Charles Wesley Emerson founded Emerson College, renowned for its arts and communication programs, in 1880. Located in the Theater District, adjacent to the Common and mere minutes from Downtown Crossing, Faneuil Hall, and plenty of other great areas, Emerson is smack-dab in the heart of downtown Boston.
Among the many perks of life as a Lion, students said they especially appreciate the cafeteria’s new milkshake machine and the fitness center’s free personal training sessions, the latter of which are important because so many students are pursuing degrees in fields with an emphasis on vanity -- theater, broadcast journalism, political science -- said Emerson sophomore and fitness center employee Gigi Watson (and possibly because of the number of milkshakes they’re all drinking).
“It’s probably not that cool, but we think it’s awesome,” Watson also said of the milkshake machine.
But it’s more than just Emerson’s milkshakes that bring all the boys (and girls) to the yard. Here are five more neat things about Emerson life.
Bludgers, Quaffles, and Snitches, oh my! In 2007, Emerson’s Quidditch team began with 14 freshmen “who thought it would be a fun idea to try,” according to their website. The team has since expanded to an organization with more than 200 members and five teams. Much like Hogwarts houses, each team has its own personality, Watson said; all-stars from each team form the school’s Quidditch World Cup team.
“Tryouts are very intense,” Watson said. “Some people get upset.”
Although not many Emerson students support the school’s sports teams, Watson said she enjoys watching Quidditch games, usually held later on Sunday afternoons. “You wake up late, get breakfast, go to Quidditch,” she said. “It’s our own little tradition.”
Emerson understands the saying “location, location, location.” Emerson’s Boston campus is in a pretty sweet spot, but that clearly wasn’t enough: The university's study abroad locations include a Los Angeles campus and a castle in Kasteel Well, the Netherlands. Yeah, you heard me right: a castle in the Netherlands.
“It was amazing,” said Braden Joyce-Schleimer, an Emerson senior, who took part in the castle program during his sophomore year. “I was really lucky. I got to live in the tower of the castle in this cool circular room overlooking the castle moat.”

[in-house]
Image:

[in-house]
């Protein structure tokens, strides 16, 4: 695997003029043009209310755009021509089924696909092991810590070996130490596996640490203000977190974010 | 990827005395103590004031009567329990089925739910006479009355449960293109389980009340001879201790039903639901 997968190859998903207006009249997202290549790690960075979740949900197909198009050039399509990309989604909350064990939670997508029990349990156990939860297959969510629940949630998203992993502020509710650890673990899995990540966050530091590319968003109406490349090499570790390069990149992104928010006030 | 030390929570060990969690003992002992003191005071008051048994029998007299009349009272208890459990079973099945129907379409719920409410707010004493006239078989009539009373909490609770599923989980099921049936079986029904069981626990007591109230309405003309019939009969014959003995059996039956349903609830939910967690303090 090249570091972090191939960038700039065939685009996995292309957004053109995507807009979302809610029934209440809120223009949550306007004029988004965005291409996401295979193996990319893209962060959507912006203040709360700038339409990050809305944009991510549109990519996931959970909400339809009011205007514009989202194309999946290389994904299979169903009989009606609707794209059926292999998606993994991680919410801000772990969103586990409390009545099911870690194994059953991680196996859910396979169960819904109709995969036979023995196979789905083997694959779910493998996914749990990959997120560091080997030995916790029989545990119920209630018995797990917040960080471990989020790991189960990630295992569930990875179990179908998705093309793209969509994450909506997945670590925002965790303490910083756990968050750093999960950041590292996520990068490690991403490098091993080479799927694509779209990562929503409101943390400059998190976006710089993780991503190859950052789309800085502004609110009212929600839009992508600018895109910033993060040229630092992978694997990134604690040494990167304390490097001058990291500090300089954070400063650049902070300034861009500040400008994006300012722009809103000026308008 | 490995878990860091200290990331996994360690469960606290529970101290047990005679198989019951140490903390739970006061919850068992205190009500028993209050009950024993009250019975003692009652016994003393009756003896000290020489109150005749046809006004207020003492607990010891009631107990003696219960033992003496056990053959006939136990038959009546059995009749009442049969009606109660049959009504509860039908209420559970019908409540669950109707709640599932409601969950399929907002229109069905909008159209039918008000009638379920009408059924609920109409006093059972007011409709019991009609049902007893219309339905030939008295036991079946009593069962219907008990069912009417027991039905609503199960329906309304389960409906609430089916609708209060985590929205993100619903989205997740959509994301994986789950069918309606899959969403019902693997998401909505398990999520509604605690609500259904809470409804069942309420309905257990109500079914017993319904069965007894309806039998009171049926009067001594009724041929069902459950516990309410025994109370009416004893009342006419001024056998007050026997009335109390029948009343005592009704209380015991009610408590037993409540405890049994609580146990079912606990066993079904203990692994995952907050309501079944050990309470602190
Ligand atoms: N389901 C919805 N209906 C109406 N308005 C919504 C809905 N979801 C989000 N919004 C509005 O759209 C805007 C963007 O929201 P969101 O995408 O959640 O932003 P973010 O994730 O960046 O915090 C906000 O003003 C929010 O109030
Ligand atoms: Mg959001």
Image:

Watson hasn’t had the opportunity to go to the Netherlands, but she said she’s very satisfied with Emerson’s Boston campus.
“I just don’t think there’s any better location in the city to be,” she said. “My room overlooks the Common and the Garden.”
Emerson’s theater survived the Great Depression. Emerson owns more performance space than any other Boston institution; their properties include the 100-year-old Cutler Majestic Theatre, the Paramount Center, and the Colonial Theatre. Emerson’s Musical Theatre Society is also the school’s largest theatrical student group.
“Literally anything you can think of that goes into a musical is completely done by students,” including directing, acting in, designing and producing the shows, said Joyce-Schleimer, who has performed in both the Majestic and the Paramount.
Another of the school’s programs, ArtsEmerson, brings world-famous performances to Boston. Through the organization, Watson said she got to see The Laramie Project performed by the original writers, as well as the world premier of the sequel, for just $10.
“To see the people who wrote it perform it was incredible,” she said.
Emerson’s award show wins awards. Emerson students certainly have a wealth of talent, and they needed some way to showcase it -- hence, the EVVY Awards.
“It’s basically an awards show that basically just honors student work,” Joyce-Schleimer said.
But the EVVYs don’t just highlight students’ various talents; they also require broadcast journalists to televise the event. Joyce-Schleimer said the awards ceremony is the nation’s largest live, multi-camera television program produced by students.
“It’s such a good microcosm of what makes Emerson so special and great because it really allows any student in any major to hone their crafts and apply what they're doing,” Watson said. “It’s just incredible to me how kids work together to create fantastic things here [and] use each other’s talents to the fullest to do impossible things sometimes.”
Emersonians embrace all walks of life. The Princeton Review ranked Emerson the no. 1 LGBT-friendly campus in the nation.
“That’s a nice claim to fame,” Joyce-Schleimer said, adding that the ranking came soon after a huge rally that Emerson students held in the Common in support of the Love is Louder campaign, a project that aims to bring an end to depression, bullying, and discrimination.
“There are a lot of different kinds of people that are attracted to Emerson for different reasons,” Watson said. “Everyone is really willing to learn from other types of people.”
Before arriving at Emerson, Watson said she was worried all of the students would be alike, since the school is so heavily into arts and film, but she found the student body to be full of interesting and unique people.
“I have lots of friends from different countries and walks of life,” she said.
Emerson students, what do you love about being a Lion?
Interested in more 'School Secrets'? Find out what's weird and wacky about life at Northeastern, BU, BC, Harvard, and MIT, and check back for fun facts about the rest of Boston's institutions of higher education.
Photo of the Cutler Majestic Theatre (bottom) by Bryan Loar (Flickr)
About Melissa -- I'm a journalism student at Northeastern University, originally from New Jersey. I love hiking, kayaking, and cereal, and I am a vegetarian. I'm afraid of nothing, except butterflies. I love Disney movies, and I hope to one day meet Betty White.
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